Exceedingly cold today—nearly as cold as the coldest.
Went to hear the celebrated “Sax Horn” players, a Mr. Distin and three sons. They have a new kind of instrument made of silver, with which they made the sweetest music I ever heard in wind instruments.
In the 1840s and 1850s, the Distin Family was a household name in Europe and the United States. John Distin (1798–1863) was perhaps the most celebrated trumpeter of his day. An Englishman, he was the bandmaster for the Marquis of Breadalbane of Taymouth Castle, Scotland and played at the coronation of both William IV and Queen Victoria. Mr. Distin formed a brass quintet with his four sons, George, Henry, Theodore and William, and then toured Europe, playing before royalty and heads of state. They were highly acclaimed wherever they played. In Paris in 1846, they met Adolphe Sax, the Belgian instrument maker and were immediately taken with his newly invented Sax Horn, a precursor to today’s cornet. John Distin ordered five of the instruments and began performing with them. So impressed with their abilities was France’s King Louis Phillippe, he had five silver sax horns made and delivered to the Distin family as a token of appreciation. These are the instruments Nathan saw and heard.
For there initial tour of America, the Distin family (now a quartet since eldest son George passed away in 1848) was commissioned to perform 40 concerts at the Park Theater in New York City for the then astronomical amount of $12,500. Unfortunately for them, but fortunately for Nathan, when the Distin family arrived in New York in January 1849, they found the Park Theater had been destroyed in a fire. They then had to improvise a tour which included stops in Philadelphia. Nathan saw them at the Musical Fund Hall on Locust Street. In addition to playing sax horn and sax tuba, John, Henry, and William also sang. A Miss Louisa Distin (likely Mr. Distin’s daughter) was also listed as a vocalist.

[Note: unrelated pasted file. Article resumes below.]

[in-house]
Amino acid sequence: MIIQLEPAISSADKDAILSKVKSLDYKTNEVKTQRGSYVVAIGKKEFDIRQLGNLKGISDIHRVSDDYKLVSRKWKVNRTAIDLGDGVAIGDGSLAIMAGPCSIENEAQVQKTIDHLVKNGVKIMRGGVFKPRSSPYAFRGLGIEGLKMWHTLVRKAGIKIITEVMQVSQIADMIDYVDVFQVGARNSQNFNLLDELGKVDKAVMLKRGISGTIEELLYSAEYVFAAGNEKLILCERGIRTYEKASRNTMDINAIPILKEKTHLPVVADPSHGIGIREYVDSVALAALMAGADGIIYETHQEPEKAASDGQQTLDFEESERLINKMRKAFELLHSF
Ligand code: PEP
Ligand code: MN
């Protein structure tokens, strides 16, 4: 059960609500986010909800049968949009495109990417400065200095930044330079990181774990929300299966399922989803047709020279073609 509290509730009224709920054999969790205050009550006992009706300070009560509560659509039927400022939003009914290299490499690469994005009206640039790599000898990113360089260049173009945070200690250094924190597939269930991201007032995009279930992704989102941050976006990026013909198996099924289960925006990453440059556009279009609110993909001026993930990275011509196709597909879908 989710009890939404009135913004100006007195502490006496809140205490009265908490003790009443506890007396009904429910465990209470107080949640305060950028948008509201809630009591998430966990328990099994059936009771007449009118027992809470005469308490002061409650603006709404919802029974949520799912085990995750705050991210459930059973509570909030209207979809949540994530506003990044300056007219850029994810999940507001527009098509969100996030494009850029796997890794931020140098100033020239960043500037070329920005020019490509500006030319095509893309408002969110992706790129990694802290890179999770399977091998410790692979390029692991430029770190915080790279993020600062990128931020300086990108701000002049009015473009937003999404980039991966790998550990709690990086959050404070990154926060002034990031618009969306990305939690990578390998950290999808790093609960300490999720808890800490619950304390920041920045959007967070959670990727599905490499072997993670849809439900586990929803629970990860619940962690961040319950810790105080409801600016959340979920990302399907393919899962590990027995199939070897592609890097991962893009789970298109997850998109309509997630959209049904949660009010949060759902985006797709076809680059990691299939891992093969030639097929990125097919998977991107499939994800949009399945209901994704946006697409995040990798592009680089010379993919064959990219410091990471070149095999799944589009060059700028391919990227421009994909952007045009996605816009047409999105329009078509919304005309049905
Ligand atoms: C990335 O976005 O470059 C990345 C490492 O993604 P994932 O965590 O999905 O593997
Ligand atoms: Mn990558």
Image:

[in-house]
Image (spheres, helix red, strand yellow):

As part of their improvised tour, the Distins appeared at Brinley Hall, Worcester, Massachusetts on September 7, 1849. The American Antiquarian Society has a broadside advertising the event…